Oil refineries are the thing in Edmonton, and since the whole geography of the province is being destroyed by Stephen Harper and the oil sands being processed, I doubt very much that I'll ever be back there. Y'all thought the chemical spill in West Virginia was a big deal? You should see the spills they have there! In June of 2013 a pipeline leaked 9.5 million litres of industrial waste water. How does that compare to West Virginia? Well, their leak was 28,000 litres. Yeah. Alberta's was about 340 times the size. Killed off boreal forest (like the taiga in Russia), and affected about 103 acres of land. According to a database report obtained by Global News (a Canadian media company), there have been over 61,000 pipeline incidents in the last 37 years. But for some reason we want to put in the Keystone XL pipeline so Americans can have their oil. In fact, the vast majority of the politicians in my country's government have voted to press on with it. Not surprising, and the reason I will never vote liberal or conservative again - we have another major party in Canada, which is the NDP, or New Democrats, but we have a whole slew of smaller ones, too.

Okay, so I did a wild detour from the subject at hand, I know, but really there isn't all that much to say about Hallowe'en in and of itself. It's fun for kids, and it's a time of religious significance to anyone who celebrates and follows the earth-based religions. I've had friends who were Wiccan, Druid and Pagan. I studied the Wiccan religion at one time, myself. It was interesting, and is about 28,000 years older than Christianity, so I figured maybe it had a little more legitimacy than the more popular religions today, but I wasn't about to prance around skyclad (otherwise known as 'naked') to honour the Goddess, Diana. Of course, it all boiled down to the fact that I simply wasn't a follower or a believer in any of them. I'm a spiritual person in a lot of ways, but it comes down to morality more than it does any written texts - which is maybe a bit funny coming from someone who cherishes books so much. That kind of thing has to come from within, though. My whole spirituality is based on doing what I honestly believe is the right thing. Not that I'm always successful, but I do have a conscience that leads me. More than I can say for the zealots who are persecuting anyone who isn't of their personal faith.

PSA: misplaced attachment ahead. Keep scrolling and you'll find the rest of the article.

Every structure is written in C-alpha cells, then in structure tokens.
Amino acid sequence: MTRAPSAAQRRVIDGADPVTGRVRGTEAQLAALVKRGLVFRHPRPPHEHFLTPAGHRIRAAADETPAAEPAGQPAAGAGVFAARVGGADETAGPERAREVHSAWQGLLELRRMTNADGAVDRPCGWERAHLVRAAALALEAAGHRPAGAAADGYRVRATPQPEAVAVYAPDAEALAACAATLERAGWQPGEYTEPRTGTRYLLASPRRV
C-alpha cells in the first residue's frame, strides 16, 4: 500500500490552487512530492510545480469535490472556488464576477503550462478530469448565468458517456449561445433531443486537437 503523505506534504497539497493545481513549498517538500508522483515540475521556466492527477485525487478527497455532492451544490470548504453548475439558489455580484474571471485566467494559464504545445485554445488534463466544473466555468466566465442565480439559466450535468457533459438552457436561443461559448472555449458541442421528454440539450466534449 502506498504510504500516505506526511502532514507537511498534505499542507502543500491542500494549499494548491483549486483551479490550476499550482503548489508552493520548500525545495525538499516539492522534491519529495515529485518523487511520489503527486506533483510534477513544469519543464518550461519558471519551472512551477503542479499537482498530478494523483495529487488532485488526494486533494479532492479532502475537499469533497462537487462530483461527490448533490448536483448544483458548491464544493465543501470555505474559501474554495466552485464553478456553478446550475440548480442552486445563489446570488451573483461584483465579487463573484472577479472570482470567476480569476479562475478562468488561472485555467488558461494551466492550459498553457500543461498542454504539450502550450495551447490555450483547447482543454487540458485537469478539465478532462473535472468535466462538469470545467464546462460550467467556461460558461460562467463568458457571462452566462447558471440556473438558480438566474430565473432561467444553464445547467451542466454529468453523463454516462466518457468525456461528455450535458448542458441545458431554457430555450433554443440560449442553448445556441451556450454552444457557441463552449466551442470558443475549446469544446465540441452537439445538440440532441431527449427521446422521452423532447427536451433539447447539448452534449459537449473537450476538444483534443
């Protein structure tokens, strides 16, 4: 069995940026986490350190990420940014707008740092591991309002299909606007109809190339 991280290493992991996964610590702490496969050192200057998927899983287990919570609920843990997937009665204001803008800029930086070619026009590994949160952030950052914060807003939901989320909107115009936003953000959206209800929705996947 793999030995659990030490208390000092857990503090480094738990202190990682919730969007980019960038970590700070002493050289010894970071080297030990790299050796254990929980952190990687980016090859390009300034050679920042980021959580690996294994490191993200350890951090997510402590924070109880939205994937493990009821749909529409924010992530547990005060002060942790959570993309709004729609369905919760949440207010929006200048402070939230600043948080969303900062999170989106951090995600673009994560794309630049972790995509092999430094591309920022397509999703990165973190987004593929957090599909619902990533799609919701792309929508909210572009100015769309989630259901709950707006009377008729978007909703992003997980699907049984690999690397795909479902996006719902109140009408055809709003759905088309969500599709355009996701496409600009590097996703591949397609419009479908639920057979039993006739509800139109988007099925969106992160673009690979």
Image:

So why is Hallowe'en my favourite day of the year? Well, it is a day that I do feel a spritual connection to, though maybe it's more the season. In my childhood and young adulthood, it was almost always the day that I experienced the first snowfall of the season. Maybe I'm 'misremembering' it, but that was how it seemed even then. I specifically remember some years where I was out walking in the wee hours (my night owl tendencies have been with me my entire life) and the first flakes would flutter down past my face. Now, I can't start getting all poetic because it just isn't my style. Sardonic would be a closer approximation if we had to put a label on it. I just loved the crisp air, the beautiful leaves of my home town (Huntsville, Ontario - a stunningly gorgeous place for seeing the fall colours), and the smell of woodsmoke on the air.

It was cold by then back in those days. Now we live in southern Ontario, and despite the fact that we're still in Canada we're actually farther south than most of the Canadian border. I don't like it. I miss the north. Global warming has had a hand in it, too. It's nowhere near as cold as it used to be, on average. We might get one cold year that would compare to an average year twenty years ago, but in general the winters are much warmer. Last year's polar vortex? According to The Weather Network it wasn't any colder than a regular winter a couple of decades ago, but suddenly schools were being closed because of the 'extreme temperatures.' Little do they remember!

I remember one winter in Huntsville that was so harsh, that even with a block heater and a battery blanket you were lucky if your car started. If you're from a warmer climate, you probably don't even know what block heaters and battery blankets are. Wikipedia's description of a block heater: